Some lessons learned from recent events:
General Stanley McChrystal - no matter how good you are and how lauded you are, don't forget you are not the boss!
Kevin Rudd - what works at the beginning doesn't work forever. Don't get so caught up in your own momentum you don't notice things changing around you.
Also, stay friendly with your colleagues.
Malcolm Turnbull - Doesn't matter how successful you are at everything else you've done, you can't beat politicians at the politics. It's nothing to do with being smart or right.
Melbourne Storm - There are good reasons for all those annoying rules. Always do the right thing, even if you're swimming in a culture that doesn't. Eventually, it will - and then things will not be pretty.
Goldman Sachs / Lehman Brothers - See above.
Previous Greek governments - Don't ignore that too-hard basket. See above.
BP - thanks for pointing out the truth about business continuity plans!
But seriously, when copy-pasting BCP templates from region to region, remember to delete the walruses.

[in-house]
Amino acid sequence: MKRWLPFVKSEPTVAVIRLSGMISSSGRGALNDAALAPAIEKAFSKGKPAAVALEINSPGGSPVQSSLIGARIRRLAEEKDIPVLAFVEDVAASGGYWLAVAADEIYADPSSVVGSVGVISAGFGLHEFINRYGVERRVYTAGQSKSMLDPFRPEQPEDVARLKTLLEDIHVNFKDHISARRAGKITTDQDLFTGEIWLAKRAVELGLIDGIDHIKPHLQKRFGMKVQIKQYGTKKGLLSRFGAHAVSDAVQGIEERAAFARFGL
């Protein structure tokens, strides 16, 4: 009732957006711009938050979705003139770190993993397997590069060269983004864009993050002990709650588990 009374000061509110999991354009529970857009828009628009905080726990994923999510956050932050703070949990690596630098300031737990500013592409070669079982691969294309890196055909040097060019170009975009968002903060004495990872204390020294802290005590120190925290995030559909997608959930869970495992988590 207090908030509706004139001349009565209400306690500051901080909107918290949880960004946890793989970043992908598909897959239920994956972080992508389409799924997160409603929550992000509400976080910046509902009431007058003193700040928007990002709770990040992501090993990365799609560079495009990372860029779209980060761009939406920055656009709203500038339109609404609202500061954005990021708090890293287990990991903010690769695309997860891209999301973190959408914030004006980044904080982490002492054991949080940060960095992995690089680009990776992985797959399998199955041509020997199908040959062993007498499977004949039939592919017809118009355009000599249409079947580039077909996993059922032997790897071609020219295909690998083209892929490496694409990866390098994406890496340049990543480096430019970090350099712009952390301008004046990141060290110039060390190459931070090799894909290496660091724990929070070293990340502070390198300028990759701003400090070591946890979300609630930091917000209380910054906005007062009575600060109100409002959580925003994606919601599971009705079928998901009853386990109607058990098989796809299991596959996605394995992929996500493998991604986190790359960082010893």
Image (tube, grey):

Christine Nixon - Tough luck. During normal business you're a star if you delegate and have a strong team underneath you. But when a crisis hits, you're expected to don the hard hat and direct detailed operations down the mineshaft. Never mind the two modes of working are not compatible within the one person. A factory foreman can't run a multinational and a CEO can't run the factory floor - but the CEO is expected to be able to do both.
Hence the real reason for the astronomical CEO salaries these days. Yes they are entirely out of proportion with what the individual is worth or brings to the company. But they are a direct result of the expectations people have of company leaders these days. No one can meet these forever - getting blamed and getting fired has become a certainty in business and in politics. The more senior you are the more you need that paypacket, because it is basically an insurance policy against the inevitable.
So many paths to ruin, but not many templates for success!